- Publisher: MacMillan Publishing Company (January 1966)
- ISBN-10: 0025115707
- ISBN-13: 978-0025115705
- Product Dimensions: 9.2 x 6.5 x 1.5 inches
- Shipping Weight: 1.9 pounds
- Average Customer Review: 4.3 out of 5 stars See all reviews (9 customer reviews)
- Amazon Best Sellers Rank: #1,849,566 in Books (See Top 100 in Books)
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Keaton Hardcover – January, 1966
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Top Customer Reviews
The book focuses on, in particular, his vaudeville days (1895-1917) and the silent film period that followed (1917-28). Little is written about the years after 1928. This may be because the book was written in cooperation with Buster, and it is likely that the years up to 1928 were the happiest of his career. Because it was written in cooperation with Buster, we get interviews, verbatim, straight out of his mouth. These unedited "tape recorder" parts are the best pages of the book because we get to hear his down-to-earth speaking style such as referring to his father as "the old man", his own face as "the puss", and the garbage as "the ash can" (several times), and also his abrupt incomplete-sentence style of talking.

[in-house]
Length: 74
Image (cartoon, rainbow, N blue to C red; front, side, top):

However, there's much to be annoyed by here. The 60's began a nauseating self-awareness period that even spilled over into the subject of Buster Keaton. This era began the absurd psychoanalysis of his films and Blesh seems to endorse it ("the pale mask projected our own feelings"). These innocent films, which were only meant to make people laugh (and make a profit), are analyzed as being a study of Man's Competition with the Machine Age or blubbery about Man Against Modern Mechanisms ("the Keaton mythos is one more of being mastered than of being master"). The best way to really appreciate Buster is to ignore this hooey, and instead watch the unbelievable bravery that's proven in the deadly stunts he performed in the films made up to 1928.Read more ›
This is one I'm keeping for my archives. No way I'll resell. Thanks so much!!
Most Recent Customer Reviews
Love this book. I thought it went into a lot of detail of his family early days in show business and was kind of slow. Read morePublished 9 months ago by Patti Cummings
Thoroughly researched, but a very difficult writing style to follow.Published 17 months ago by Donald G Thorpe